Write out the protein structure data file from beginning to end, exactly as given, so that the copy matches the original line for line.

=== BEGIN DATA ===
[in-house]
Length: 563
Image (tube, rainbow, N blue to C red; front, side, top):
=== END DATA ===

[in-house]
Length: 563
Image (tube, rainbow, N blue to C red; front, side, top):